Twins fans aren’t going to like Rocco Baldelli‘s explanation for 4-1 loss to Braves

Minnesota Twins v Atlanta Braves
Minnesota Twins v Atlanta Braves / Todd Kirkland/GettyImages

Stop us if you’ve heard this one before: The Minnesota Twins squandered an early lead after the offense went quiet and failed to support a great starting pitching performance.

Broken records have more variety than the Twins do this season.

As if building a losing season on a factory line, the Twins weren’t able to capitalize on a great start by Sonny Gray and fell to the Atlanta Braves 4-1 on Monday night. Joey Gallo scored the Twins only run when he homered in the second inning, at which point the Twins could have come up to the plate with a whiffle ball bat and given the same exact performance they otherwise did.

It’s not the first time the Twins have lost a game like this, but it’s starting to become a frustrating and troubling trend that is defining the season. A number of things have added up to get us to a point where the Twins are 40-40 halfway through the season, but the lack of offense seems to be the linchpin.

It’s gotten to the point where Twins manager Rocco Baldelli is at a loss for where to pin the blame, which makes matters feel even worse than they already are.

Twins fans aren’t going to like Rocco Baldelli‘s explanation for 4-1 loss to Braves

After the loss on Monday, Baldelli tried to explain what happened, and ended up defending the offense despite it’s woes. While he didn’t give a fiery or particularly strong defense of the slumping unit, he refrained from pinning all of the blame on the quiet night at the plate and instead tried to frame it as a spiritual victory.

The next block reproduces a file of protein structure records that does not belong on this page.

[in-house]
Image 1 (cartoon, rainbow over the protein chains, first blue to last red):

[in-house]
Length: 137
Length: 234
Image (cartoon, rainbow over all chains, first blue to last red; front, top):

“They just kind of beat us by a tick,” Baldelli said of the 4-1 loss to the Braves on Monday.

To be fair, two of those runs came on one swing by Ronald Acuna, but the bigger takeaway was how quiet the Twins bats were from the second inning on.

“We were a swing away from grabbing the lead or coming back and tying the game even,” Baldelli said. “[We were] right there in the ballgame, fighting the whole time. Truthfully we just got beat tonight and there’s not a ton of things I can point to besides the fact that they just beat us a little bit in a couple of different areas.”

It’s one thing to not want to throw the offense under the bus and totally demoralize the clubhouse, but it’s another thing to pretend there’s no bus at all. There has rather consistently been a specific thing to point to when looking for what is holding this Twins team back and causing losses like the one we saw on Monday, and it’s the utter lack of offensive production.

One of the greatest tricks the Twins have played on fans is showing that an offense could exist, but limiting the bursts to single games. Minnesota has scored five or more runs in 25 games this year and has posted a double-digit run total five times.

Yet, despite owning a run differential over 30 the Twins are barely clinging to a .500 record and seem unable to climb back over the hump. Minnesota outscoring the Chicago Cubs 27-4 across back-to-back games in May is doing a lot of the heavy lifting with that run differential stat. It seems to suggest that the offensive firepower we’ve seen in flashes is more of a mirage than something simmering under the surface waiting to explode.

What makes the loss to the Braves — and Rocco’s pseudo-defense of the offense — is that it’s a common thread strung throughout the season so far. Minnesota has lost more games that fans care to count that look identical to the one in Atlanta.

It’s formulaic: Twins get a great start from their pitcher, the offense has a bunch of hard hit balls but nothing gets through, then the bullpen blows the game open resulting in a loss.

Perhaps what’s most frustrating about Rocco’s comment is that he’s not entirely wrong; Minnesota has been living on the edge of the margins all season but have allen on the wrong side. The problem is there doesn’t seem to be an obvious solution which means the team might be stuck in limbo longer than it can afford to.